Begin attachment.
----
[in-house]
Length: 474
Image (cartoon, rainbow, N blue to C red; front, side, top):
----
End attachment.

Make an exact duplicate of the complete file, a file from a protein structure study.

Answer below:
[in-house]
Length: 474
Image (cartoon, rainbow, N blue to C red; front, side, top):